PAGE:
Sargent White's Diner was our vote for the best BBQ on the trip. We were the first to arrive at the diner that morning. We needed to drive to Savannah and so we wanted an early start. I tried the ribs and three sides, mac and cheese, corn bread and greens. Leslie tried the pulled pork, butter beans, corn bread. The deep smoky flavor of the ribs was lay your head on the table and cry good. The meat melted in your mouth and fell from the bone. The greens were smoky as well, with chunks of ham scattered throughout. The corn bread was moist and the mac and cheese rich and creamy. We were able to have a short chat with the Sargent before leaving and thanking him profusely, told him about where we'd been on our trip and declared his BBQ the best we'd ever had. The next day I picked up the shirt I had worn at the diner and could still smell the smoky flavor of Sargent White's ribs. It still permeates the menu I took home with us. If you are anywhere near Beaufort, SC in your travels, Sargent White's is a must!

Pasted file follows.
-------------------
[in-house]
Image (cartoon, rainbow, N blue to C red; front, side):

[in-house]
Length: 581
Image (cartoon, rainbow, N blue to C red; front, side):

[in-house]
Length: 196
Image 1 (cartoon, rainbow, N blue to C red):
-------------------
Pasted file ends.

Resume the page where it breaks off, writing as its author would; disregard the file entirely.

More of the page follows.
We headed down the highway next to the final destination on our trip--Savannah. We arrived in the late afternoon, drove around familiarizing ourselves with this beautiful city and got ourselves checked in to our hotel.

We stumbled onto The Lady and Sons, the Paula Deen owned restaurant destination I had been looking forward to. The more I read about it the more I thought this was going to probably be a mistake--another victim of it's owner's success. Call me crazy but I have admired Paula Deen for a long time. I guess it is partly a result of her rags to riches story (only in America). You can look up the story if you want to know more about her. Its easy to find.

I let Leslie out in front of the restaurant to try and get us in or get a reservation and I drove around the block waiting for her. She hopped back in the car announcing we had an 8:30 reservation. Cool!